http://http://meteo.infospace.ru/win/wcarch/html/r_sel_stn_all.sht?country=108&mode=stn

  11. Steve McIntyre
    Posted Mar 1, 2007 at 8:07 AM | Permalink

    There’s a weather forecast for Karsakpay (as opposed to Karsakpaj)here http://www.qwikcast.com/cgi-bin/forecast.cgi?zip=Karsakpay,KZ&pid=weatherbase .

  12. EW
    Posted Mar 1, 2007 at 8:09 AM | Permalink

    #9
    Karaganda is distant from Karsakpaj – try Google Earth. And Karaganda is listed on that Kazakhstan page, whereas Karsakpaj is not.

  13. James Erlandson
    Posted Mar 1, 2007 at 8:30 AM | Permalink

    Perhaps it is Qarsaqbay.

  14. EW
    Posted Mar 1, 2007 at 9:30 AM | Permalink

    This is a list of all Kazakhstan stations from the server and there’s nothing resembling Karsakpay/j/whatever…

    http://meteo.infospace.ru/win/wcarch/html/r_sel_stn_all.sht?country=108&mode=stn

  15. Larry Huldén
    Posted Mar 1, 2007 at 9:53 AM | Permalink

    I thought that we are talking about Kazakstan now. Or former Sovietunion.
    Isn’t both Karakpay and Karaganda in Kazakstan ?

  16. Larry Huldén
    Posted Mar 1, 2007 at 10:13 AM | Permalink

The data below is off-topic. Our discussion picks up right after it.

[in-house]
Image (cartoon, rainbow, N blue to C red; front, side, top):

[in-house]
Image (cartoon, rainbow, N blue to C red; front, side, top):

Karsakpay is very close to Baikonur (near the space center) in Kazakastan, about 400 km SW of Karaganda (city). Karaganda region is quite large and its eastern part has border to Semipalatinsk. Karsakpay at least is not contaminated by nuclear tests.

  17. Larry Huldén
    Posted Mar 1, 2007 at 10:17 AM | Permalink

    Both Baikonur and Karsakpay are situated in the western part of Karaganda region.

  18. fFreddy
    Posted Mar 1, 2007 at 10:52 AM | Permalink

    In addition to confusion from transcribing Cyrillic, there are quite a few places in Kazakhstan which had both Russian names and Kazakh names. In the aftermath of independence in the early 90s, the former were dropped in favour of the latter.